Is there any difference between homeowners insurance and dwelling insurance?

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Asked June 4, 2012

1 Answer

A basic homeowner's insurance policy includes 4 basic types of coverage. The dwelling and other structure are insured, along with your personal property, liability for damages or injuries, and reimbursement of out of pocket expenses if you are unable to use all or part of your property. Since personal property and loss of use expenses are not necessary when the home is being rented, there is a basic policy available to fit just that situation.

Dwelling insurance will cover the dwelling and other structures on the insured real estate, but it does include the coverages a tenant would purchase through a renters insurance policy. Personal property and personal injury and damage liability are left out of the policy, allowing the homeowner to have the buildings insured at a much lower cost than full homeowners insurance would cost them.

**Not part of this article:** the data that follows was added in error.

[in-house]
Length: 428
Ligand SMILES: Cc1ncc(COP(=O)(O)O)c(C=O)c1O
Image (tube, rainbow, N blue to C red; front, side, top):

Keep in mind that if you or your family live in the home, dwelling insurance may not be sufficient for all purposes. Unless the occupants of the home furnish their own personal property and liability coverages, it might be less expensive to use a complete home insurance package than to purchases coverages separately. Dwelling insurance is not suitable if you have an insurable interest in the people living in the home, because most dwelling coverage is merely a stripped home policy, not a different type of policy.

Finally, a policy which pays for full replacement will cost more than a policy that pays actual cash value. The difference is that full replacement will pay for the repairs regardless of the cost, but actual cash value will only pay the depreciated value of the home.

Answered June 4, 2012 by Anonymous

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